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Dead Man Down


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'Dead Man Down' falls flat
By Glenn Kenny, Special to MSN Movies

A generally goofy revenge thriller with some pleasingly lurid thrills, "Dead Man Down" spoils its chance at being a worthwhile sensationalist entertainment by overplaying its hand. That's hardly a surprise these days.

The supposedly noteworthy news about this movie is that it's the first American film directed by Niels Arden Oplev, the Danish-born filmmaker who directed the original foreign language adaptations of "The Girl With the Dragon Tattoo" and the two other books of the "Millennium" trilogy. I know, just what you've been waiting for, right? Anyway, aside from his clear pleasure at working with a Hollywood-sized production apparatus here (the Swedish "Millennium" thrillers didn't have the big-budget oomph that David Fincher was able to apply to the American version), Oplev doesn't distinguish himself too much from homegrown generic action would-be maestros. Yes, this has a little more of a "dark" European mood, and Oplev shoots New York locations with an eye to the unusual (and not immediately recognizable), and he gives a job to his "Girl" star Noomi Rapace, and for bonus points throws a gratuitous but not inapt reference to the Polanski classic "Repulsion" into the movie. But these are the sorts of things that guys like me are paid to notice. What are really meant to register here, and do, in a largely conventional fashion, are flying bullets and falling bodies.

Bing: More on Colin Farrell | More about Terrence Howard

The setup is not entirely unpromising. Colin Farrell plays Victor, who appears a loyal lieutenant to Terrence Howard's crime kingpin, Alphonse, who of late has been under mysterious threat. Rapace plays a young woman who lives in an apartment directly across from Victor's. She's scarred, both physically and psychologically, by a recent auto mishap. Under the pretext of flirting, Rapace's Beatrice arranges to meet with Victor ... and then shows him phone video of Victor killing a man in his apartment. In a proposal not unlike something out of Patricia Highsmith ("Strangers on a Train"), Beatrice tells Victor she'll keep his secret if he agrees to dispense with the drunken driver whose handiwork marred her.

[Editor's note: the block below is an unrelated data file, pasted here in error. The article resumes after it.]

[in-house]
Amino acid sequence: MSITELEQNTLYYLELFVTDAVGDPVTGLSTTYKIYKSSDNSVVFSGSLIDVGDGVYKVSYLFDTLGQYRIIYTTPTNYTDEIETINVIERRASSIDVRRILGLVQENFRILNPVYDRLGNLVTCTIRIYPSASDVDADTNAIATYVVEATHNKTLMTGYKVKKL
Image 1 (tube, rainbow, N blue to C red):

Further twists ensue, as you might imagine. Victor's a killer, yes, but, as the saying goes, he has his reasons. And those reasons, too, are vengeance-driven. As Beatrice's demands, and her questions about Victor, complicate his spectacular action-set-piece score settlings, so too does the mutual attraction between these two, sniffle, lost souls call into question the ultimate effectiveness of revenge. Fortunately for the viewer the movie doesn't lean on the ethical dubiousness of its characters' actions too hard, and even so, it offers a sufficient number of twisted kicks to compensate for any insincere moralizing (one word: rats!). Also making life difficult for Victor in bringing off his literally explosive denouement is fellow gang member Darcy, played by Dominic Cooper, who's getting uncomfortably close to finding out Victor's secret. And Darcy's a guy Victor doesn't want to have to kill, mainly for spoilerish reasons, but also because he's a new family man himself. Aw, shucks.

Farrell glowers and destroys with grim purpose, Rapace is eccentrically crabby in her hell-bent determination, and Howard often overplays his underplaying as a guy who grows to have a grudging admiration for whoever is trying to kill him. The presence of Isabelle Huppert as Beatrice's mom is inexplicable, but not unwelcome, while Armand Assante's presence as an uber-boss is both apt and a pleasant surprise. By the time the finale comes around, the movie's tried to do too much, and 10 minutes before the end you may be wondering just what kind of posh neighborhood exists in which all this assault weapon shooting and grenade exploding would go completely unnoticed by the local constabulary. Or not.

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Glenn Kenny is chief film critic for MSN Movies. He was the chief film critic for Premiere magazine from 1998 to 2007. He contributes to various publications and websites, and blogs at He lives in Brooklyn.

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